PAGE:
These portrayals also offer a commentary on social inequities and consumerism. A scene from “Loki” unfolds like this: it is the fall of civilization, a hurricane is set to wreak havoc in Alabama in 2048; the night before, you find people taking shelter in a grocery store, simultaneously purchasing things for sale.
Another depiction in the episode: on an unnamed planet on the cusp of destruction due to climate change, a Noah’s Ark of sorts is preparing to take passengers to safety. A woman sits quietly in her hut, far away from the action. When asked why she isn’t rushing to the Ark, she notes plainly that she can’t afford a ticket. Damaging the environment is a luxury; so is escaping a climate crisis. Such explorations of climate change, though filtered through fictional plots, are in essence presented through the viewers’ experiences.
The inquiry resonates in a world where the disproportionate impact of ecosystem damage is gravely felt. Communities most vulnerable to displacement due to climate change are the ones least responsible for it. The scale of inequality has already tipped against them — close to 1.5 million people from disadvantaged communities are internally displaced in India every year mostly due to climate change; the number is much higher globally. Africa, one of the most vulnerable regions to climate change, curiously accounts for the lowest greenhouse gas emissions in the world.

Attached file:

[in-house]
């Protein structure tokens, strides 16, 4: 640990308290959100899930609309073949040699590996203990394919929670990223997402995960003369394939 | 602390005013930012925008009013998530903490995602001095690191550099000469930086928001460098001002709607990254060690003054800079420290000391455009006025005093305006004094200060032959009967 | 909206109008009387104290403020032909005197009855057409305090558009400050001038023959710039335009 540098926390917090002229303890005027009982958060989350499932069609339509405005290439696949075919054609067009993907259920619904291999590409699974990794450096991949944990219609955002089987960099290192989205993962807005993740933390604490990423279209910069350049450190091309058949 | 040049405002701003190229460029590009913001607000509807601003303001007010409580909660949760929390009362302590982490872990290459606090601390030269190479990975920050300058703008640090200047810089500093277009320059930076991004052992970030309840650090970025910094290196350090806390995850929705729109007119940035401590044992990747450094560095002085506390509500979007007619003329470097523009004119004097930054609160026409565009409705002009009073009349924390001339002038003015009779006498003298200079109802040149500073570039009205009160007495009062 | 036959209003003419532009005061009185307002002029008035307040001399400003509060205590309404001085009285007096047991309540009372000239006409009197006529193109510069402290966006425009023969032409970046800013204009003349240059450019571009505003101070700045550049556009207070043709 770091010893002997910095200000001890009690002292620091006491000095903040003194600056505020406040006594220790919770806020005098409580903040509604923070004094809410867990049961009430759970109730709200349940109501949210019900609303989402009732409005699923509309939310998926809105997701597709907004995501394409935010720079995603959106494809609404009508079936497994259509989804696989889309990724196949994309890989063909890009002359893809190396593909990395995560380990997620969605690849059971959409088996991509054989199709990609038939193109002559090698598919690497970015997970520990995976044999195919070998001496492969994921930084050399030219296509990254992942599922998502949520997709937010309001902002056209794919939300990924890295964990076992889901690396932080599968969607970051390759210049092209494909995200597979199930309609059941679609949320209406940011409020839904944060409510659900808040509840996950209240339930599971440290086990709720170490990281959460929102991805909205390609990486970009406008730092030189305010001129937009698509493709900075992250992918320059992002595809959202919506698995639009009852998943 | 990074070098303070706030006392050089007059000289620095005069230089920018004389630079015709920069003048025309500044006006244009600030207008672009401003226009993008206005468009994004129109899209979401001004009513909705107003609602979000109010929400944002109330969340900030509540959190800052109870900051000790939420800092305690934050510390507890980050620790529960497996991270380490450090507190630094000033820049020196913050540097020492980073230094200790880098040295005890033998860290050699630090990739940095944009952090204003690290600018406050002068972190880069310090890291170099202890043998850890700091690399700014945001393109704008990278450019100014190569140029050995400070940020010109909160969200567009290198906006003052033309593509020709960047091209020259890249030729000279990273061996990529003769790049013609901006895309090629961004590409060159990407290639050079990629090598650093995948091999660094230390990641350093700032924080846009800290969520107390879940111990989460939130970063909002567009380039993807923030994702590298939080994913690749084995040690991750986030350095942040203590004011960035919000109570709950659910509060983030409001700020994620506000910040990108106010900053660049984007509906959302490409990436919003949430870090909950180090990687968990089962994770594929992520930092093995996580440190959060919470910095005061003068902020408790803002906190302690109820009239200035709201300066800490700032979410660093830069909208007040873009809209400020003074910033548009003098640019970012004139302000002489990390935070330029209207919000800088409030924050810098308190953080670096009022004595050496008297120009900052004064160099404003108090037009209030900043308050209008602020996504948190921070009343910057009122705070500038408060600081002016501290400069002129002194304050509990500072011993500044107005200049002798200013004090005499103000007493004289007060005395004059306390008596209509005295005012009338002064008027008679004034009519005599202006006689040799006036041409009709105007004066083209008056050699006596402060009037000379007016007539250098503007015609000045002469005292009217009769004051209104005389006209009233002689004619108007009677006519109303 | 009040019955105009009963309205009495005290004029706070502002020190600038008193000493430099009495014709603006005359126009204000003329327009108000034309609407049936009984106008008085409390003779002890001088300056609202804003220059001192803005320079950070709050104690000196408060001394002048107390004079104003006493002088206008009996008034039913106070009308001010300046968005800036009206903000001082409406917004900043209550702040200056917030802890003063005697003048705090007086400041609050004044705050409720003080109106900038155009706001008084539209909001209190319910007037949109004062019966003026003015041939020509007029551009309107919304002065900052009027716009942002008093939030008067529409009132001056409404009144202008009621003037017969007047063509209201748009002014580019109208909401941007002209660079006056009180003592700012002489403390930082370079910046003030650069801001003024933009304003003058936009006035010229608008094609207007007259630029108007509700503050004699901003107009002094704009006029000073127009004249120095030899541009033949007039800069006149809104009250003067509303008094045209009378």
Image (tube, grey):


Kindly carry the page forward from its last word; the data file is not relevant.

The imperative of “future,” experts have noted, remains the primary obstacle in selling climate change as an impending reality; but visuals showing climate crisis across four continents in one day strip off that belief. Bryan Doerries summarizes the the stakes as follows: “A virulent pandemic has taken the lives of three million people. The Earth is in the throes of a sixth mass extinction. And the problems are set to escalate.”
These instances correlate climate change we see today makes the specter damning in its potential — that it can damage on-screen and off-screen. With cinematic portrayals, the climate crisis is no longer “unthinkable.”
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Watching a world on fire — a world that looks very much like our own — on-screen may work to influence specific individual behavior. “Recent sci-fi that focuses on environmental issues demands active viewers/readers, and aims to cultivate individual critical thinking regarding ongoing ecological issues (as well as other issues that either cause or arise from ecological crises),” Hassapopoulou says.
“Some sci-fi fiction even goes as far as to provide calls for action, using the genre to raise awareness rather than merely entertain.” Arguably, cinematic science fiction offers ways to engage with a grim outlook of the future.